What this writer completely failed to note and, let's face it, was probably too ignorant to know, was that the majority of Americans voted for Hillary Clinton. "Darling" Donald won the electoral vote and Hillary won the popular vote--more Americans voted for her than for the Donald. This has happened five times before in the 20th century, most recently with Al Gore's loss to George W. Bush.

I'm so glad that this British woman feels so superior to Americans, all evidence to the contrary. She can engender global superiority wherever she goes.

But, on the other hand, other intelligent Brits have examined the voter returns, and realize that college-educated men and women did NOT vote for Trump.

The blog who hosted and approved this blogger's comment will be removed from my "Blogs of Substance" list in the next few days. Don't worry--this host blogger has only been doing political commentary since earlier this year. She stopped blogging about books months ago. You won't be losing any book news, I promise! This blogger has harangued Americans in the past year as well.

Yes, I believe in free speech, but ignorant free speech, which ignores the facts and obliterates the population of an entire country is not tolerable.

I love British book bloggers' blogs. And I will continue to enjoy them and respond to them. Let's enjoy and celebrate our mutual love of books, and forget this denigration of our nation. Thank you! I don't think I or any other American deserve it.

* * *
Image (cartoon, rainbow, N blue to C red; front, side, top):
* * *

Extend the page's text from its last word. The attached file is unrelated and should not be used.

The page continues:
Wednesday, November 9, 2016

Time to Move On and An Annotated Mansfield Park?

And, if you will, please let me explain what I mean by saying that it's time for me, and I mean I alone (without putting that onus on anyone else) to move on. With the entire government stacked against the issues I most strongly believe in, it means I need to re-engage in activism that I was engaged in before Barack Obama's presidency. Advocacy for climate change legislation at the federal level, advocacy of the preservation of wilderness, not only in the Adirondacks, but throughout the country. And last of all, but still very important, advocacy of young women entering the workforce. As a college instructor, I can tell you that in northern New York, young women are subjected to harassment of all types by their employers--and it's not only sexual, it's much more than that.

So I do hope this year, with a reduced work schedule as of this week, to fully enjoy the holidays. To read to my heart's delight while still taking care of exercise needs and household business. To have fun.

Get back into my Classics Club reads:
Did you know that Harvard University Press has published a $35 edition of an annotated Mansfield Park??? I am curious, as an Austen reader. I know that controversy among literary historians and critics surrounds this novel. I'd  love to buy it, and I think I have saved enough gift cards so that I can buy it for myself. Will have to see! Mansfield Park is on my Classics Club list.